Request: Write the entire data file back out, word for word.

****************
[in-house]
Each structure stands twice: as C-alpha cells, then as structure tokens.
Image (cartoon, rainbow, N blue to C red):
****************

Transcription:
[in-house]
Each structure stands twice: as C-alpha cells, then as structure tokens.
Image (cartoon, rainbow, N blue to C red):